Do you really think that people can’t see that the carbon tax is awful policy? Unilateral, cannot possibly attain its objective of reducing global temps, and rests on a fraud: that current renewables can replace fossil fuels. Most of the $13 billion carbon tax revenue left over after paying off households and “polluters” will be thrown at useless wind and solar- very expensive, and which have to be backed up by fossil fuels 24/7. Renewables are nowhere near ready and the carbon tax misdirects capital away from R and D. Check out the billion dollars wasted on geothermal too…

    It’s a farce. We don’t need some Murdoch hack to tell us that.

  • 2
    Bellistner
    Posted August 2, 2011 at 3:32 am | Permalink

    Aren’t we assuming here that News LTD journalists have ethics? ;)

  • 3
    DMX PRIME
    Posted August 2, 2011 at 10:04 am | Permalink

    Bellistner, I think one should always give frontline journalists the benefit of the doubt, what you read and what is written by the journalist are not always the same thing. The problem seems to exist further up in editorship and management. How much the partisan culture and this wierd belief that the paper has to take an antagonistic role (No, it should take a truth seeking role) towards progressives and non-conservatives has infected the journalists is a matter for conjecture, but an assumption of good faith is only fair. The impression i’ve gotten from other murdoch assets is that not everboy inside the empire is happy with he empire.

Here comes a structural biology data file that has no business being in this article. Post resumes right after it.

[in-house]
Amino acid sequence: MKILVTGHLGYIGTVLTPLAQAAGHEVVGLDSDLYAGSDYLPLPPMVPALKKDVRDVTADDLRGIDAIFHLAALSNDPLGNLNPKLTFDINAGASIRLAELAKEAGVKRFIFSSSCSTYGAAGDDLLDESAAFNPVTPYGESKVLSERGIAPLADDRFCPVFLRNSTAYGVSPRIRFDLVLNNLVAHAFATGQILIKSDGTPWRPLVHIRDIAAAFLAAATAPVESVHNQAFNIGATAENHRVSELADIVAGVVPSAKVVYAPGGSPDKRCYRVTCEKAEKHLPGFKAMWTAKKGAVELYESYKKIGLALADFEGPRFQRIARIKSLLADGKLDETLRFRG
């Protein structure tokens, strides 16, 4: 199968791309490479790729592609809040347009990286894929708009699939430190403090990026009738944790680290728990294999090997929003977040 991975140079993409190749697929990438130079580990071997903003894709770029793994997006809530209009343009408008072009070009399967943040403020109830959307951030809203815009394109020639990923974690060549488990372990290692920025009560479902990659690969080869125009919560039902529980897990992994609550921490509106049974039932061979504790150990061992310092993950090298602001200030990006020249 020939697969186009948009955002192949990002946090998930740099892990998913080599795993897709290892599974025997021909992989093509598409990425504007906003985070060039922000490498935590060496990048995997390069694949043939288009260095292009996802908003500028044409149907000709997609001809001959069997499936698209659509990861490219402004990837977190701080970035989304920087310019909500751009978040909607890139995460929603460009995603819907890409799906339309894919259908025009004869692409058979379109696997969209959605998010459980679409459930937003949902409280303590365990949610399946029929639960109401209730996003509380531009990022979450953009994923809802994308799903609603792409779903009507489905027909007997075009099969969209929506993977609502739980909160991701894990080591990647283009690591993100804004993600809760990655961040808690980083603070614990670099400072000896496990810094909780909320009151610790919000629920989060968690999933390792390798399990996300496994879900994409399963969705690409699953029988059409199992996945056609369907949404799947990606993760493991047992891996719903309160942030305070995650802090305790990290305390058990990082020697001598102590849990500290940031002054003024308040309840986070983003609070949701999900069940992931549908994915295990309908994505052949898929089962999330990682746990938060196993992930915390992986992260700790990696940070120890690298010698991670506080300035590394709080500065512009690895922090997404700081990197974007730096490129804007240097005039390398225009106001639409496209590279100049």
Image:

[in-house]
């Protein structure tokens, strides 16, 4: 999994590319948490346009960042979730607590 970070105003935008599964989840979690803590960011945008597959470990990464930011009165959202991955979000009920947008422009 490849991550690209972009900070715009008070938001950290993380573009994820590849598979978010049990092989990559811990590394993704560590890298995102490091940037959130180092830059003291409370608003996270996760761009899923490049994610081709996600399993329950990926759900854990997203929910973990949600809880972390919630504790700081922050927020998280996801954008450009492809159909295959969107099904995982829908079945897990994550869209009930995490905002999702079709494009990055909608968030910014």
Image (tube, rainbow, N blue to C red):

• 4
    Michael Wilbur-Ham (MWH)
    Posted August 2, 2011 at 10:29 am | Permalink

    The ABC TV (Melbourne) last Sunday night was illustrative of how the media is no longer objective.

    The lead story was how Cameron has written a letter supporting Labor’s carbon tax. Combet was then shown saying how this shows that Abbott is out of touch, etc. Abbott is then shown saying that Australia has a different economy from the UK and that Cameron had stated that with the carbon tax Australia would be leading the world on action, and that we should not go this far. (This summary of the report is probably not accurate, but it is probably good enough to make my point.)